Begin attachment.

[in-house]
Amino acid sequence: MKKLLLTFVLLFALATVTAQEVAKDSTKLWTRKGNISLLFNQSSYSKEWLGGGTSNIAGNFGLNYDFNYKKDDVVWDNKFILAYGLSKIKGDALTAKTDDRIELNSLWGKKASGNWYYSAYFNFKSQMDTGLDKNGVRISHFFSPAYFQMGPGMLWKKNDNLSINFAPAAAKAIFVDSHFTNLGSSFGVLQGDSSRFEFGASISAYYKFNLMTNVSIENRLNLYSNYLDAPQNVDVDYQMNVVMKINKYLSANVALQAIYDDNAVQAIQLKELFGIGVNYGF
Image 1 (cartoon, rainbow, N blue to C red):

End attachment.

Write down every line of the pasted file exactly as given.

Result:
[in-house]
Amino acid sequence: MKKLLLTFVLLFALATVTAQEVAKDSTKLWTRKGNISLLFNQSSYSKEWLGGGTSNIAGNFGLNYDFNYKKDDVVWDNKFILAYGLSKIKGDALTAKTDDRIELNSLWGKKASGNWYYSAYFNFKSQMDTGLDKNGVRISHFFSPAYFQMGPGMLWKKNDNLSINFAPAAAKAIFVDSHFTNLGSSFGVLQGDSSRFEFGASISAYYKFNLMTNVSIENRLNLYSNYLDAPQNVDVDYQMNVVMKINKYLSANVALQAIYDDNAVQAIQLKELFGIGVNYGF
Image 1 (cartoon, rainbow, N blue to C red):